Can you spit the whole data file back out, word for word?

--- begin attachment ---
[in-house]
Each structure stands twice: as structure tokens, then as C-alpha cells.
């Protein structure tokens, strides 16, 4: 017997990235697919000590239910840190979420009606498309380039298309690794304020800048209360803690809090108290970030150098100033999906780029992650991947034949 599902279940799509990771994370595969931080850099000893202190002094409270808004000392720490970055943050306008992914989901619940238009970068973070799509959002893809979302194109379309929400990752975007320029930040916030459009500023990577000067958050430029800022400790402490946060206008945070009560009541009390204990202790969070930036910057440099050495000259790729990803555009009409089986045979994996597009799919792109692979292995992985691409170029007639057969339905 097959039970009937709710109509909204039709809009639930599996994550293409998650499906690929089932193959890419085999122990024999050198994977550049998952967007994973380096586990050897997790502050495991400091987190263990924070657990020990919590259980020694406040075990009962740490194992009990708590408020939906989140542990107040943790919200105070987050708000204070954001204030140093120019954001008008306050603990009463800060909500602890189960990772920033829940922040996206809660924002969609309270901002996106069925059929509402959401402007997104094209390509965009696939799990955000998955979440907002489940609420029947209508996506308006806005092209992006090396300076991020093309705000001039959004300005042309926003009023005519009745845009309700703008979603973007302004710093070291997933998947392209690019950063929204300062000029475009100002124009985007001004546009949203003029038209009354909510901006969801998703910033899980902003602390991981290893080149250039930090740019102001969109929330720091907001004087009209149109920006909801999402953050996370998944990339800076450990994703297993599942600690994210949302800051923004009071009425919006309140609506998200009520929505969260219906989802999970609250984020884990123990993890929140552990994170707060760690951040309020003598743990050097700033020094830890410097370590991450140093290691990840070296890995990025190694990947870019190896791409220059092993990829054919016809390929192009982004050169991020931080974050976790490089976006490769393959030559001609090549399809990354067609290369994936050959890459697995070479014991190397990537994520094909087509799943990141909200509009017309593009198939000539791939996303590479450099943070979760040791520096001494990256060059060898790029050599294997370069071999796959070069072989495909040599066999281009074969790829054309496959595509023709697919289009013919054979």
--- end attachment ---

[in-house]
Each structure stands twice: as structure tokens, then as C-alpha cells.
């Protein structure tokens, strides 16, 4: 017997990235697919000590239910840190979420009606498309380039298309690794304020800048209360803690809090108290970030150098100033999906780029992650991947034949 599902279940799509990771994370595969931080850099000893202190002094409270808004000392720490970055943050306008992914989901619940238009970068973070799509959002893809979302194109379309929400990752975007320029930040916030459009500023990577000067958050430029800022400790402490946060206008945070009560009541009390204990202790969070930036910057440099050495000259790729990803555009009409089986045979994996597009799919792109692979292995992985691409170029007639057969339905 097959039970009937709710109509909204039709809009639930599996994550293409998650499906690929089932193959890419085999122990024999050198994977550049998952967007994973380096586990050897997790502050495991400091987190263990924070657990020990919590259980020694406040075990009962740490194992009990708590408020939906989140542990107040943790919200105070987050708000204070954001204030140093120019954001008008306050603990009463800060909500602890189960990772920033829940922040996206809660924002969609309270901002996106069925059929509402959401402007997104094209390509965009696939799990955000998955979440907002489940609420029947209508996506308006806005092209992006090396300076991020093309705000001039959004300005042309926003009023005519009745845009309700703008979603973007302004710093070291997933998947392209690019950063929204300062000029475009100002124009985007001004546009949203003029038209009354909510901006969801998703910033899980902003602390991981290893080149250039930090740019102001969109929330720091907001004087009209149109920006909801999402953050996370998944990339800076450990994703297993599942600690994210949302800051923004009071009425919006309140609506998200009520929505969260219906989802999970609250984020884990123990993890929140552990994170707060760690951040309020003598743990050097700033020094830890410097370590991450140093290691990840070296890995990025190694990947870019190896791409220059092993990829054919016809390929192009982004050169991020931080974050976790490089976006490769393959030559001609090549399809990354067609290369994936050959890459697995070479014991190397990537994520094909087509799943990141909200509009017309593009198939000539791939996303590479450099943070979760040791520096001494990256060059060898790029050599294997370069071999796959070069072989495909040599066999281009074969790829054309496959595509023709697919289009013919054979």